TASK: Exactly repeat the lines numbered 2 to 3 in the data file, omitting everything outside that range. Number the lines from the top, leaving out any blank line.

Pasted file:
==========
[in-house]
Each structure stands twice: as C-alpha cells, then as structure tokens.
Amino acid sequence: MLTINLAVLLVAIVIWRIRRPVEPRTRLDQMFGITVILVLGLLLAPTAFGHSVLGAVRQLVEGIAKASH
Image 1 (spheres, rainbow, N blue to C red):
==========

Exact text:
Each structure stands twice: as C-alpha cells, then as structure tokens.
Amino acid sequence: MLTINLAVLLVAIVIWRIRRPVEPRTRLDQMFGITVILVLGLLLAPTAFGHSVLGAVRQLVEGIAKASH